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IVF and the law

View profile for Martha McKinley
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A cycle of IVF treatment usually takes at least 6 weeks and requires regular medical appointments during this period, which will very likely result in time out of the office. Often several rounds of treatment are required before a successful pregnancy can be confirmed, and the latest statistics shows that this method of conception is on the increase. However it can pose something of a minefield for employers, who aren’t sure whether employees undergoing this treatment are covered by discrimination legislation and what their rights are.

There is no statutory right to time off to undertake IVF treatment, or to receive enhanced sick leave if illness results as a side effect of the treatment, although there is nothing to prevent an employer from providing for this as part of its family friendly policies.

Once the fertilised ova is implanted into the uterus, from a legal perspective a pregnancy has occurred and as such the employee in question is covered by existing legislation in relation to pregnancy discrimination. This includes the right to paid time off for ante natal care. It is worth noting that this is the case even in situations in which a pregnancy may fail, resulting in the employee being protected by pregnancy related discrimination legislation for a relatively short period of time.

However the law in this area was given further clarification in a case heard by the European Court of Justice (Mayr v Bäckerei und Konditorei Gerhard Flöckner OHG), in which the Court determined that a woman in the advanced stages of IVF treatment was protected from less favourable treatment on the grounds of sex, and furthermore did not have to show that a male employee would not have been treated in the same way. The suggestion of the ECJ was that protection from less favourable treatment arose when the procedure took place to remove the ova in order to fertilise them, ie. at an earlier stage than the implantation of the fertilised ova following which an employee is classed as pregnant.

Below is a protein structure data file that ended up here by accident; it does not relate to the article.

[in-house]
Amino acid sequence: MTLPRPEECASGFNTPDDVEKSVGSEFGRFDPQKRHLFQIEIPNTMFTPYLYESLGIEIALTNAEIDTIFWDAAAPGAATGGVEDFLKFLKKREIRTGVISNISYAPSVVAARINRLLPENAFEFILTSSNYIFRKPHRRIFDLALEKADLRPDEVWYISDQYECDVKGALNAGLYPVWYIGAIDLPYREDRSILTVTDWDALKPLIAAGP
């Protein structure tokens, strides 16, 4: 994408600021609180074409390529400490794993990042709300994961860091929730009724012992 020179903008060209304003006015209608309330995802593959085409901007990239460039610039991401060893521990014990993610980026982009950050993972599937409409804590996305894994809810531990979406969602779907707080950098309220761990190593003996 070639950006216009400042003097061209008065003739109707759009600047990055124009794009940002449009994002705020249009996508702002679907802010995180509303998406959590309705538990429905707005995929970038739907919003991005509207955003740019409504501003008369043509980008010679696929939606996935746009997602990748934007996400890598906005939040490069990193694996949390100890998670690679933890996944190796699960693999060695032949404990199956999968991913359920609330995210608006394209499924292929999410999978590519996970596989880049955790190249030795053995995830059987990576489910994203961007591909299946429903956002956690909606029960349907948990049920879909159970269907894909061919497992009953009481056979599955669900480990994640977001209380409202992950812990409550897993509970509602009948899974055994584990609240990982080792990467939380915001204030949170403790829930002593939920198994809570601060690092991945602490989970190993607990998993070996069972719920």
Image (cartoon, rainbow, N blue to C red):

Furthermore, in the much earlier stages of treatment if a female employee is treated less favourably due to her decision to undergo IVF and can show a male employee would not have been subject to this treatment, this could give rise to a claim of unlawful discrimination on the grounds of sex.

In summary, employers should be careful not to treat an employee less favourably due to her decision to undergo IVF treatment, as even if a pregnancy does not result from the treatment as it is likely that the employee could successfully argue she had been subject to sex discrimination. Similarly an employer should not automatically assume an employee will get pregnant if she has started treatment, as any indication that it may be planning for the future without her would also expose the employer to liability for a sex discrimination claim.

By employment law solicitor, Martha McKinley

 

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